W3C home > Mailing lists > Public > uri@w3.org > September 2001

Re: toward domain names in the public interest

From: Martin Duerst <duerst@w3.org>
Date: Wed, 26 Sep 2001 14:07:46 +0900
Message-Id: <4.2.0.58.J.20010926135441.02efca90@localhost>
To: Dan Connolly <connolly@w3.org>, uri@w3.org
Hello Dan,

I'm rather sceptical about the signatories system,
in particular about the renewal after five years.
Ideally, our technology including uris should
become invisible to end users. Imagine that
in 5 or 50 years, there is a lot of software
around that relies on some namespaces at www.w3.org,
but this is mostly unknown, because it 'just works'.
How do you make sure that at the time needed, you
can drum up enough people? Everybody would be
affected if the domain name went out of service,
but nobody cares enough to worry to send in their
vote.

Also, assume that in 50 years, only 999 people
depended on www.w3.org, but it was really important
for them. Why should the domain go out of service?

For at least some things, we need a system that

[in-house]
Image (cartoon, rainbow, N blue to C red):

is more stable with less administrative overhead
than your proposal.

With example.com/org/..., the ietf has shown that
they can reserve some domain names permanently for
a specific purpose. There is no reason they couldn't
do that for other domain names and other purposes.

The problem with www.iana.org seems to be that people
see in it both the organization as well as the function.
The best thing would be to make clear that iana.org is
used for the function, and give whoever currently carries
out this function another name (if they don't already have
one), and then to make sure iana.org is reserved by the
ietf for protocol purposes.

Regards,   Martin.

At 17:58 01/09/25 -0500, Dan Connolly wrote:

>Thinking out loud... try this policy:
>
>If you can get 1000 signatories (and no credible
>complaint is lodged with WIPO over a 6 month period,
>say), you can get ICANN to permanently reserve your domain name
>for your use. You have to get another 1000 signatories
>every 5 years to keep it. If you ever fail to get enough
>signatories to keep it, it is permanently retired.
>
>There are all sorts of details... who is "you" after
>all? I think we could ground the authentication
>in surface-mail-callback, ala ISOC voting.
>
>Anyway... the details seem workable, and the value
>of having permanent domain names in the public
>interest seems worthwhile.
>
>
>--
>Dan Connolly, W3C http://www.w3.org/People/Connolly/
Received on Wednesday, 26 September 2001 01:51:26 UTC

This archive was generated by hypermail 2.3.1 : Tuesday, 6 January 2015 21:25:03 UTC